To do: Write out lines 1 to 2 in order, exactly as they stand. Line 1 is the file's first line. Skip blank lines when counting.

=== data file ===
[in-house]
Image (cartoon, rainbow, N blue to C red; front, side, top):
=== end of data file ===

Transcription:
[in-house]
Image (cartoon, rainbow, N blue to C red; front, side, top):